Laundering, the most common method of renovation for washable textile products, uses water combined with cleansers, such as soaps or detergents, and other additions, such as bleaches, for soil removal.

The effects of laundering and the degree of cleaning obtainable depend on the cleanser and auxiliary agents used (e.g., bleaches, other additives0, the water quality, the temperature, the material being cleaned, and the water-to-weight-of-fabric ratio in the machine or laundry tub. Separating of colors to prevent color fading and laundering at optimum temperatures for both cleansing and to prevent shrinkage, dye and fiber damage are important considerations in laundering. Care labels permanently attached to garments should be followed carefully to avoid laundry problems.

The fiber content of the garment being laundered is important. Some hydrophobic fibers (e.g., polyester) are not only water hating but are also oil loving (that is, oleophilic). Therefore, water-borne soil such as coffee, fruit sugar, and chocolate are initially partially repelled by the fiber. This soil can be removed by laundering action when the fiber has become thoroughly wetted. (This requires extra tumbling or soaking due to the low absorbency of the fiber.) The oil-borne soils in hydrophobic fibers, however, are more difficult to remove. Soils such as gravy, mayonnaise, and motor oil are absorbed and held tenaciously by the fiber because of their oleophilic character. Removal by laundering is often ineffective, and dry cleaning must be used. However, soil-release finishes for polyester assist in removal of oil-borne soils. (It must be noted that most of these finishes becomes less and less effective with each succeeding wash, and are completely eliminated by the eighth to tenth laundering.)


Define Linen.

Linen is one of the oldest and most luxurious of textiles. Favored by ancient Egyptians, who used it as wrappings for royal burials, linen has a history thousands of years old. Linen is used to make clothing, luxury bed dressings, table settings and even as a high-end upholstery fabric.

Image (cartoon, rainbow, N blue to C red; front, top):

Linen is, by definition, a fabric woven out of natural fibers taken from the stalk of the flax plant.


Linen is considered to be up to three times stronger than other natural fibers such as cotton, and this is due in part to the fact that the fibers used to make linen are extremely long: up to 50 inches.


Linen is expensive to make, but it is very absorbent and is a good conductor, keeping heat away from the body. In its natural state, linen can be cream, ivory, gray or tan – it is only through bleaching that linen can achieve a white color.


Linen takes its name from the Latin word for the flax plant: linum. There are fossil records of linen dating back at least 3,000 years.


The highest quality linens have been made in Western Europe for centuries and are still made today in Ireland, Italy and Belgium.


Define Lycra.

Lycra is a brand name for elastane, which is a highly elastic synthetic fabric. Despite having different names, Lycra, spandex, and elastane are all the same material, and these fabrics can stretch to 5-8 times their usual size.

This fabric was originally developed by the DuPont Corporation in the 1950s, but it would not exist if polyurethane had not been invented by IG Farben in the 1930s in Germany. Polyurethane now represents the base material for a number of different plastics, and the same basic chemical synthesis methods are used to make Lycra that are used to make other polyurethane-based plastics.